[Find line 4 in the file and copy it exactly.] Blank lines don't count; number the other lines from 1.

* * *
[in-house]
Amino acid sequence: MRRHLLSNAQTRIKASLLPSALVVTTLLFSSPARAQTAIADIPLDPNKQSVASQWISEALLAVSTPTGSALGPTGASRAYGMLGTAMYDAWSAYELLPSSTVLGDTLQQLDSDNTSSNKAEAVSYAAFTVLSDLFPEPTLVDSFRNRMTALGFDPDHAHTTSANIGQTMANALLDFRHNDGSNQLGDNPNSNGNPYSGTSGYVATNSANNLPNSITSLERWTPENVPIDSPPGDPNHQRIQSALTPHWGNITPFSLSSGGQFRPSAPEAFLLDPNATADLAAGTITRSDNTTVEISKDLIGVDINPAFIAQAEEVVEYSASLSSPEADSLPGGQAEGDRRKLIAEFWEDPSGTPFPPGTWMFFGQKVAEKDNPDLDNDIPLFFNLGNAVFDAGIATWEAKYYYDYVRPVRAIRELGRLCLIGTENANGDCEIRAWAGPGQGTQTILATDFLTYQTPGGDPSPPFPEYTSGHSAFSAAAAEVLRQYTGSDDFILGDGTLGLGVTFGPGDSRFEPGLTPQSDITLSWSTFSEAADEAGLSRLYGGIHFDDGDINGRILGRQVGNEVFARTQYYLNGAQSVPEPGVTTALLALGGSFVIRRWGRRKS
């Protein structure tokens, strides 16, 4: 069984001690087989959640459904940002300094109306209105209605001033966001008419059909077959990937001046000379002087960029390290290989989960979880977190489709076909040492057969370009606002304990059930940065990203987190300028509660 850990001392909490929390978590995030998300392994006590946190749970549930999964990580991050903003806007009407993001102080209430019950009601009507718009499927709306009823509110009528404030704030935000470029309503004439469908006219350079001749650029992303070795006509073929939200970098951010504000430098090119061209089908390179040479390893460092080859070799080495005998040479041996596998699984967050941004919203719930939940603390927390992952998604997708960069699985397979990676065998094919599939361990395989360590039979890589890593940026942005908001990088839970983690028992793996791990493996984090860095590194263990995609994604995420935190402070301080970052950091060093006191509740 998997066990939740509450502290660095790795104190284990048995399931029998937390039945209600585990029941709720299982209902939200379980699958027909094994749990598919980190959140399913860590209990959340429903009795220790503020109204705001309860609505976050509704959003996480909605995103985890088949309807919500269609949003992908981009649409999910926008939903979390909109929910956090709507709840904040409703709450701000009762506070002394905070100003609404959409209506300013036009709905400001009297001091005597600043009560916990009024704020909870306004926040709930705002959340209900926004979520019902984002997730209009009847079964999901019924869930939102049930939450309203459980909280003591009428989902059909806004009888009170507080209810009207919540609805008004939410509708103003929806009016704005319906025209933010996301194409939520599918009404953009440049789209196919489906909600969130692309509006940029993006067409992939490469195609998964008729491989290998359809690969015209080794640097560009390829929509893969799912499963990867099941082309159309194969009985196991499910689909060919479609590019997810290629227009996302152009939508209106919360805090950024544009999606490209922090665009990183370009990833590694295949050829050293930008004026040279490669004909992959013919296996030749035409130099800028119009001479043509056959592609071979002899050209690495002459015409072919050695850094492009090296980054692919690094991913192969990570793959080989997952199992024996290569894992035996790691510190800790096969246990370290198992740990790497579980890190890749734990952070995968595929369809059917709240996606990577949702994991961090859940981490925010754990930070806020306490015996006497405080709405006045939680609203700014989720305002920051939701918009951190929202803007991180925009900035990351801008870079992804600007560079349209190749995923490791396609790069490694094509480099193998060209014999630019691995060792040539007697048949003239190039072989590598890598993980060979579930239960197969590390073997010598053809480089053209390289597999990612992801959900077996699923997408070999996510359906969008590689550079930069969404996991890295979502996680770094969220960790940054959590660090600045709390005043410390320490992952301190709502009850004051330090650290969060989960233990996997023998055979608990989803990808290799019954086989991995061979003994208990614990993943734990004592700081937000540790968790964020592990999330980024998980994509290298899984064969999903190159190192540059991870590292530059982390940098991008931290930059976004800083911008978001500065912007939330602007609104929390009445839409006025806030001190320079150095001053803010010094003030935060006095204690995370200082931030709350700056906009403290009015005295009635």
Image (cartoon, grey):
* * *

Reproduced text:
Image (cartoon, grey):